Goats chew through noxious weeds
Goats have a reputation for eating anything, but Weed Warrior’s Gloria Montero said that isn’t true.
“Goats are browsers,” she said. “They don’t put their heads down. They don’t care for grass. They generally eat leaves from trees and bushes.”
But what they really like is perennial pepperweed, better known in noxious weed circles as tall white top.
A herd of 100 goats just finished devouring 7.5 tons of white top, hoary cress and Canada thistle from around Mud Lake south of Gardnerville.
This is the second time in three years the goats have been used to treat the section of public land.
Montero said that goats enjoy eating white top almost as much as they like chewing on willow trees.
She said the goats can help eliminate noxious weeds, but it is not an overnight process.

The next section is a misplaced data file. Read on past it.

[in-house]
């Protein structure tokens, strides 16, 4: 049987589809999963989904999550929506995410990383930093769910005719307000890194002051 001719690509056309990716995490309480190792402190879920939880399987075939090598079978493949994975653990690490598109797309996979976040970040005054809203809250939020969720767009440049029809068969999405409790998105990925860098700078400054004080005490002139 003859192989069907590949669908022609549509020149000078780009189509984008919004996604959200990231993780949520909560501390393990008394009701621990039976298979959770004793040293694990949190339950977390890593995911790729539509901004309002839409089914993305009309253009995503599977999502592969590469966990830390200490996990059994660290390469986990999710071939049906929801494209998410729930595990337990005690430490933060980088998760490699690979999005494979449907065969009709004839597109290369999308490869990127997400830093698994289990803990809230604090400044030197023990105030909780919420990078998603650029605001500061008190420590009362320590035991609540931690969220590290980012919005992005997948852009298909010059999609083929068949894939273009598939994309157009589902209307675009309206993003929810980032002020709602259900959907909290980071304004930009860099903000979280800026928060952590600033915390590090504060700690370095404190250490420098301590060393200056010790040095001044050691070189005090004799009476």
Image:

“It takes a long time,” she said. “Most weed people will tell you they work on containing and controlling weeds. Eradication usually doesn’t happen.”
She said her goats have worked on about 5,000 acres in the 11 years since she first ran them on the Kings Canyon burn in 2007.
U.S. Forest Service Rangeland Management Specialist Courtney Ghiglieri said Montero has worked on the 40-acre Mud Lake site for a couple of years.
“She brings out her goats and sets up pens over the areas where we want her to graze the goats,” she said.
All three of the main weeds take over areas from native species, reducing forage for native animals.
“There is kind of a wetland out there that is critical to wildlife species,” she said. “There are mule deer, ground nesting birds and owls. It is a pretty important habitat.”
Browsing down the weeds is just the first step in clearing them out of the field.
After that the Forest Service applies an aquatic approved herbicide to help prevent the weeds from coming back.
Montero is a Lovelock resident who was born and raised in Fallon.
“I’ve been raising goats all my life,” she said.
Her Boer goats are guarded from coyotes and other predators by a Great Pyrenees dog.